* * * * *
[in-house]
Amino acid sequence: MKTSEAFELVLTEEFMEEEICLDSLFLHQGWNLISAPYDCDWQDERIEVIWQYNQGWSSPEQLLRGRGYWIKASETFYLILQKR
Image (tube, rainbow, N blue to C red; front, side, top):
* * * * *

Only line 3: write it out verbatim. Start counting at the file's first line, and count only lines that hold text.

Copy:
Image (tube, rainbow, N blue to C red; front, side, top):